If Al Gore doesn’t run for president, he might make it as second on a ticket, possibly. Or like you said, as a leader (CEO) in some world sized corporation that might make a difference for the future. Having the ear of the next president could bode very well for him. If he doesn’t run.

    The president is just a mouthpiece for those who would see him speak, Bush is a prime example of a marionette. When they pull his strings, he moves. And sometimes he talks as well, but nobody’s listening any more.

    Gore could change all of that… with what he has done to date, Gore is on the news here in Montreal as I write this. « Never say Never… »

  6. 6
    Barbara Says:

    Gore could do much to restore the dignity and respect of the US Presidency. That said, he would be hamstrung by the Office and the dim bulbs in Congress and the muck left behind by the Bush presidency.

  7. 7

    He can if he wants to, but I wouldn’t vote for him. I have not seen An Inconvenient Truth, but I’d consider seeing it if time and opportunity allow. What troubles me about Mr. Gore is his insistence that the debate over climate change is over. He may be right about the issue, I don’t know, but it I’m skeptical of someone who seems to want to stop all discussion that disagrees with his position, especially on an issue that involves manifold variables and correlations more than causalities. I’m open to being proven wrong, though.

  8. 8

    I certainly agree with you that the debate about what to do about climate change is not over. It is just beginning.
    But it does seem to me that the scientific debate about the seriousness of climate change – as the primary threat of our time — is over. There is a consensus among most reputable scientists on this point.

  9. 9

    Sorry, I meant to say the debate about what to do about climate change is NOT over. It is just beginning.

  10. 10
    Chimera Says:

    Kyle: When Al Gore says the debate is over, he does not mean that people should stop talking about it. He means that the facts are so obvious that to argue against the existence of global warming is the futile (and somewhat desperate) act of those who think that if they refuse to see it, it isn’t happening.

    But you said you haven’t seen it yet. How do you know what he said if you’ve never seen it? Reliance upon someone else’s slanted opinion — when it’s so easy to form your own opinion — is lazy, doncha think?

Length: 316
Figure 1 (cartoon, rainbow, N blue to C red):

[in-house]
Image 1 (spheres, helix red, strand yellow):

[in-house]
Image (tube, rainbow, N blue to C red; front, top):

11. 11

    Al Gore’s research and contributions to the debate over global warming are available outside his movie, so my not having seen his film doesn’t mean I am not familiar with his thought on the matter. I have seen presentations and interviews he has done, which give a synopsis of his argument, though probably not as detailed an argument as presents in his film.

    My skepticism is not over the reality of global warming, for which there is emperical evidence to support beyond reasonable doubt–so far as I can tell. What I do find dubious is the proposition that there is no doubt that human behavior is causing global warming. I seem to remember Gore making this assertion, but perhaps I heard incorrectly.

    As I understand the evidence, the most support we have in defense of that proposition are correlations between certain human actions and changes in climate, but correlation is different from causality. Is there evidence a) that human beings cause global warming and b) to what decree is the causal effect?

    My skepticism may be a moot point, however, for I believe that the way we respond to the environment requires radical improvement. I’ve lived in the smog infested suburbs of Los Angeles, the fresh air of Iowa, and the heavily polluted steel country along the Ohio River (where local corruption has made the air and water horrible for the health), and whether or not there is a life-altering threat from global warming, I think we ought not be poluting the environment any more than we absolutely have to, and I’m not opposed to prudent government regulations to that end. Trust in « market solutions » is a foolish trust unless the people in the market have a love of and respect for the natural world. They don’t; most people are apathetic about the state of nature, or see it as an inconvenience between them and Wal-mart.

  12. 12

    Thanks for your very thoughtful comment on global warming. I plan to write a piece for a community newspaper on climate change and will explore your question as to how much causality there is between human activities and climate change. Thanks again.

  13. 13


    I look forward to seeing what you find. I feel kind of weird not having a firm opinion on the climate change debate; perhaps my uncertainty is a knee-jerk reaction to the unequivocal certainty often claimed by both sides in the discussion. I find it all very confusing. Perhaps you’ll help me choose the right side.

    I like the new look of your blog, by the way.